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IE8 Beta Released To Public

Soulskill posted more than 5 years ago | from the upgrades dept.

Internet Explorer 605

Tim writes "English, German, Simplified Chinese, and Japanese versions of Internet Explorer 8 have been released for public beta. New features include accelerators, which provide instant context menu access for a number of common tasks; automatic crash recovery, which prevents a single page's failures from taking down your entire browser; and browser privacy, a feature that didn't make Firefox 3. I'm primarily a Firefox user, and I've been using IE8 at work (MS) for the past few weeks. It's a definite improvement over previous versions, and brings a lot to the table that Firefox requires extensions for. Give it a spin, submit feedback, and help keep all browser makers on their toes by facing each other's competition."

cancel ×

605 comments

Shows what competion can do. (5, Insightful)

xzvf (924443) | more than 5 years ago | (#24777415)

While IE8 doesn't work on my chosen platform, it shows again how open source sparks development in stagnant environments. This product would never have happened without Firefox.

Re:Shows what competion can do. (5, Interesting)

Bashae (1250564) | more than 5 years ago | (#24777591)

Yup, I'm wondering why the beta is available in german rather than a language with more speakers, such as spanish. Are they perhaps trying to win back the notoriously large amount of Firefox users in Germany?

Re:Shows what competion can do. (4, Interesting)

Anonymous Coward | more than 5 years ago | (#24777695)

I believe that German was chosen over Spanish for the betas because it's the second-most popular spoken language for programmers (at least, it used to be; I'm not too sure anymore). They cover the top two for debuggers out there, and then also include packages for Chinese and Japanese to test the character rendering and what-not.

Re:Shows what competion can do. (2, Interesting)

Swizec (978239) | more than 5 years ago | (#24777897)

If that were the case then it would've been offered in Slovenian ... we use firefox quite extensively.

Re:Shows what competion can do. (5, Informative)

will_die (586523) | more than 5 years ago | (#24777919)

According to the European and thier language report [europa.eu] German is the 2nd highest known language in the EU at 32% of the population speaking the language. Spanish is at 15% and is 5th.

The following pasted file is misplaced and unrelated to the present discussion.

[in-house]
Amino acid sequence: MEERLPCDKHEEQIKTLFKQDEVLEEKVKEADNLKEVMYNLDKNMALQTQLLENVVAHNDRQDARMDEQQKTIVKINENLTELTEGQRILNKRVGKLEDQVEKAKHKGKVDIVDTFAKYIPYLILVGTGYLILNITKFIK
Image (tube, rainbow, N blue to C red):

For the top 5 it is:
English 51%
German 32%
French 26%
Italian 16%
Spanish 15%

Also by mother tounue German is at 18% and Spanish is at 9%

Re:Shows what competion can do. (5, Informative)

TheP4st (1164315) | more than 5 years ago | (#24778065)

Native Spanish speaking population in the world 330 million
Native German speaking population in the world 100 million

Re:Shows what competion can do. (2)

eggoeater (704775) | more than 5 years ago | (#24777931)

Germany has the largest economy in continental Europe.

Re:Shows what competion can do. (3, Insightful)

naylor83 (836780) | more than 5 years ago | (#24777909)

Yep, it's kind of mind-boggling what the Firefox team has accomplished indirectly.

Re:Shows what competion can do. (3, Interesting)

shird (566377) | more than 5 years ago | (#24778017)

What makes you think those people seeking an alternative browser wouldn't have chosen Opera instead? (not open source, and frankly much better than both FF and IE IMHO).

Yes FF has a bigger market share than Opera, but Opera may have had that share if FF didn't exist, prompting MS to take the same action.

Re:Shows what competion can do. (0, Insightful)

Anonymous Coward | more than 5 years ago | (#24778059)

Boo Hoo. Your browser is dead. Get over it.

Oh, I'd like a version (0, Flamebait)

HuguesT (84078) | more than 5 years ago | (#24777417)

Can I have a version for Linux, or barring that, for OS/X so I might try it ? Thanks.

Re:Oh, I'd like a version (5, Funny)

tomandlu (977230) | more than 5 years ago | (#24777461)

You want MS to provide a linux version so that you can either state your intent to never install it, or so that you can sh*t on it? I'm sure they'll get right on that...

Re:Oh, I'd like a version (-1, Offtopic)